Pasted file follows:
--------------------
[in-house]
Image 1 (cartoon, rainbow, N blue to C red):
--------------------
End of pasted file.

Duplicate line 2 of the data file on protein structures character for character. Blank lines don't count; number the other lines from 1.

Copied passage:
Image 1 (cartoon, rainbow, N blue to C red):